Over Wintering New Guinea Impatiens

Orland Park, IL(Zone 5b)

I have several gorgeous varigated New Guinea SunPatiens that I would like to save over the winter. I tried to save new guineas before with not much success. They did well for a couple of months and then died off. I tried to keep watering to a minimum, only when they truly needed it. I tried putting some under grow lights and I put some in a window that did not get direct sun. Neither areas survived all winter. What am I doing wrong?

Ayrshire Scotland, United Kingdom

My own experience of these lovely plants are they are very tender for winters and the conditions required to see them through is well beyond most peoples ability as they need sunlight, (not direct sunlight) but well lit, warmth without it being a dry heat from indoor heaters and no drafts from cooling systems, the other things they dont like is fumes from Gas appliances like boilers, or cookers, so when you consider all those things, it's not surprising it's difficult to get them right through the winter till the next spring.

IF you can meet these conditions, then go for it and just because it never worked the last time, take that as a learning curve and have another go remembering what you feel was wrong last time, I would say you should have gave them just a bit more water as when you break a stem off these plants, they are full of moisture, but again, not over wetting the soil, did they have a bit of heat, maybe that was the problem, I'm only suggestion things here.
the books say to keep the plants growing ALL year and flowering too IF possible, keep just wet and it may be that you loose ALL the leaves while doing this, BUT come March, you give a little more water, NOT over done. and the plants should fill out with new leaves again, at that stage I would give a half strength liquid feed. inside plants need shading IF set in direct sun.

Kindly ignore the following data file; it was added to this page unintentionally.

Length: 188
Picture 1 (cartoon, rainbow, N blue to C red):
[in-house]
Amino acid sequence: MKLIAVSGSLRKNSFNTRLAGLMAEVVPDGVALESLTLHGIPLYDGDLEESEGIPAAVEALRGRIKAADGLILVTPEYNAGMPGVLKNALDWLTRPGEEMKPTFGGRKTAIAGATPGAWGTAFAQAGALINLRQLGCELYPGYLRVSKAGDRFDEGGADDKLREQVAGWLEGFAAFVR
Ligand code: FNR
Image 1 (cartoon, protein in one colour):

Re-pot every second April after new growth has started.
Cutting are easier, you just remove a side shoot about 3-4 inches long, remove several bottom leaves and stick them in a glass of water, after a few days, week 2 at the most, you will see fine roots growing, leave them till you think the roots are hardy enough to be potted on into good well drained soil with added grit or horticultural sand from garden store, mix this about 3 scoops compost to 1 sand, then pot up and treat as parent plant, the parent plants might be still doing fine so care for both in the same way.

Always know there will be a few losses no matter how much experience you have as that is nature for you. good luck and have fun experimenting.
Best Regards.

Contra Costa County, CA(Zone 9b)

I think if you take cuttings you might be able to overwinter them indoors, and make a mini-greenhouse for them. This would moderate the temperature and humidity, and might make the difference. Cuttings are smaller, of course, so would need a smaller mini-greenhouse than the adult plant.

You could also place several of each cutting in different locations, knowing that you will lose some, but hopefully not all.

Ayrshire Scotland, United Kingdom

A lot of the time I make my own mini greenhouses when required, used both for seeds and cuttings,
I collect some of those clear plastic square containers we get strawberries or other soft fruit in at the suppermarkts, these are placed over either small seed trays and they allow light in, keep the seeds / cuttings at a warmer temp, they are easy to lift IF spraying / Misting is needed and you can cover them plastic covers with a sheet of newspaper if shade is required.

You can cut the bottom from round Cola bottles about 4-6 inches from the bottom and use the cut off bit like a mini greenhouse over a small pot of seeds too, it works the same as the square cover and set the pots with clear tops onto a tray for ease of bottom watering.

Hope this gives you some ideas to help you out and save you buying a lot of expensive equipment that MAY never be used again but all serve the same purpose.
Good luck, Take your time and enjoy.
Best Regards.

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